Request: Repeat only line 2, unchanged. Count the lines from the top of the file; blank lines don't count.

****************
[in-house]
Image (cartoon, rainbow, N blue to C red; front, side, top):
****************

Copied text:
Image (cartoon, rainbow, N blue to C red; front, side, top):